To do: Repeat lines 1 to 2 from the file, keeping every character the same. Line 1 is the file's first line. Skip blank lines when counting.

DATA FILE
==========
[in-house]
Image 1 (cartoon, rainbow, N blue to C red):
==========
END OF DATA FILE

[in-house]
Image 1 (cartoon, rainbow, N blue to C red):